Interpersonal attraction

Essay on interpersonal attraction

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Psychology Tutor Marked Assignment 1
Unit 3: Relationships
Interpersonal attraction relates to being interested in another person and wanting to get to
know them better. There are quite a few explanations of interpersonal attraction, for
example, physical attractiveness. Many studies show that people who are physically
attractive tend to be treated better than those who are not. Landy and Sigall (1974) found
that male participants rated essays thought to be written by a more physically attractive
woman more highly. The matching hypothesis predicts that people select partners of
comparable attractiveness. This may be to maintain balance or due to fear of rejection or
because of the halo effect. The halo effect describes how the possession of one desirable
characteristic such as being physically attractive is extended so that we think the person
possesses other desirable characteristics such as intelligence and kindness. Murstein argued
that we are more likely to look for someone of a similar level of attractiveness as ourselves.
This makes us less likely to suffer rejection. Murstein studied 99 couples who were dating
and compared them with randomly selected couples. He found that the real couples were
consistently rated as alike in levels of attractiveness. Silverman (1971) confirmed these
findings in a field study, noting that the greater the degree of physical attractiveness the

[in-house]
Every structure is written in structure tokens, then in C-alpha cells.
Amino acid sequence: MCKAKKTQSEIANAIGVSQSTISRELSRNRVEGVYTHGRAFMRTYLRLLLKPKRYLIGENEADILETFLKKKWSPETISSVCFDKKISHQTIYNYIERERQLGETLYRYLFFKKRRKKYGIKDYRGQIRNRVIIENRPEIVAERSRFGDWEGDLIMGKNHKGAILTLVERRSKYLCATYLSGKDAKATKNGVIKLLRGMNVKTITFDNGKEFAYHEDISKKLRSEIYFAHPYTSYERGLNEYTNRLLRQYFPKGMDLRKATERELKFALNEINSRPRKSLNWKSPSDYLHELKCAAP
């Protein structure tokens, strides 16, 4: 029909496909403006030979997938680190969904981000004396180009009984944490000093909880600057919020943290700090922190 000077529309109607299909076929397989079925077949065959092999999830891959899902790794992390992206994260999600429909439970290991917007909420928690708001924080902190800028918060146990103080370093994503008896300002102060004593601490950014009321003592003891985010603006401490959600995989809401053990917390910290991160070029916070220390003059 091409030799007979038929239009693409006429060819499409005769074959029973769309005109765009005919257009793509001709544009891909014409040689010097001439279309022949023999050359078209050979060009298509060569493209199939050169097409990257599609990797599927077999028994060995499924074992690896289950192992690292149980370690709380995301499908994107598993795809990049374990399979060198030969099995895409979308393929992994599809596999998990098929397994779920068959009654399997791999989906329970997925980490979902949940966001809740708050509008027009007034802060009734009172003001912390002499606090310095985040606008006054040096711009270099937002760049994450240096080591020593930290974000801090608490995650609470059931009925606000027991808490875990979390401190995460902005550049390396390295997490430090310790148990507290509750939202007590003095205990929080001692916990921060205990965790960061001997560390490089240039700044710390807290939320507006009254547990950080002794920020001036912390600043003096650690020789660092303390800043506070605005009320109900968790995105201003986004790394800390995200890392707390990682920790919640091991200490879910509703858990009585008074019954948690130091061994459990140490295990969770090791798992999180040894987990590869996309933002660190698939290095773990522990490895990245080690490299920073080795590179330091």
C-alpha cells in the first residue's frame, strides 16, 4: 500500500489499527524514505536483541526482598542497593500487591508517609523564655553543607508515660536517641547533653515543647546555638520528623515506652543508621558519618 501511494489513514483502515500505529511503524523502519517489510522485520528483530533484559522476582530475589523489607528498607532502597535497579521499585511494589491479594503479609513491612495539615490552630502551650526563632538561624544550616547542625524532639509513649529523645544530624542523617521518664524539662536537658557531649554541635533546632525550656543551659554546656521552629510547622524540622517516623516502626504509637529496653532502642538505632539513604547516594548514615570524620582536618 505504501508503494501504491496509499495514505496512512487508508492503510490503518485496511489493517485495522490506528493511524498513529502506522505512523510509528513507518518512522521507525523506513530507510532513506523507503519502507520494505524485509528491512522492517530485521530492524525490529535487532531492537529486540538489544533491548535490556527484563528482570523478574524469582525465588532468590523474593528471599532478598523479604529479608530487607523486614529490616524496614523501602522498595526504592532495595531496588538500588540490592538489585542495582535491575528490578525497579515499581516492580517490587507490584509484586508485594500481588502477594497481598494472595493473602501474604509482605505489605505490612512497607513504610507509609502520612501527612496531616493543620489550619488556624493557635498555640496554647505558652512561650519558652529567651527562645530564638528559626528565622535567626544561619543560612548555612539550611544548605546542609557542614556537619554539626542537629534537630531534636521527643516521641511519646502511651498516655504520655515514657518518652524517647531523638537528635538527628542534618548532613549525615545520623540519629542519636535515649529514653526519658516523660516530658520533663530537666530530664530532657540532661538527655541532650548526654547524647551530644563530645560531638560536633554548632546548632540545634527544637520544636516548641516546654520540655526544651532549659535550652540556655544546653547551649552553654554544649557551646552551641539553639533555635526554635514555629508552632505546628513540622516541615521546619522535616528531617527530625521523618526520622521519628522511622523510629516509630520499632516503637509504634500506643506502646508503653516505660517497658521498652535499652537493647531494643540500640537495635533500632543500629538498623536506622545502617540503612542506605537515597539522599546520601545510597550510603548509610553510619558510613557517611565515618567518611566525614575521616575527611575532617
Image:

more the physical intimacy was displayed. The computer dance by Walterson et al did not
find support for the matching hypothesis. Students were randomly paired at a dance and
later asked to rate their date. Physical attractiveness proved to be the most important
factor in liking rather than similarity. It was the best predictor that they would see each
other again .Mckillip and Riedel (1993) also found that pairs of friends were also fairly closely
matched in levels of attractiveness. Much of the research is highly artificial and leaves out
most of the things that people do in everyday life. In the case of some studies, the
artificiality of the study is so rigged that the physical attraction is all the participants had to
go on, for example in the computer dance by Walterson and Walterson (1969). The matching
hypothesis has been extended to include matching in terms of other highly attractive
features, such as intelligence and wealth.
Contact between two people is essential in order for attraction to take place. Physical
closeness increases the probability of interaction and acquaintance. Bossard (1932) found
that more than half of 5,000 couples who applied to get married in Philadelphia lived within a
few minutes' walk of each other. Clarke also found that 50% of the people living in Columbus
married people who lived within a walking distance of their house. Festinger et al (1950)
found that the friendships formed by students in the halls of residence were more likely to
be with those who lived on the same floor or corridor than with those from the floor below
of above. Ebbesen et al (1976) also found that most enemies lived close by. Proximity can
be psychological as well as physical which can be explained by internet relationships.
Similarity reinforces our own attitudes, reducing uncertainty and anxiety. It would appear
that similarity of values, attitudes, beliefs and ways of thinking are common indicators of

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Psychology Tutor Marked Assignment 1
strong friendships and attraction. Rubin (1973) suggested that we are attracted to those
who are similar because we are drawn to the possibility of engaging in the same activities.
This may facilitate communication if certain fundamentals are shared. We may also presume
that people who are similar to us may like us.…read more


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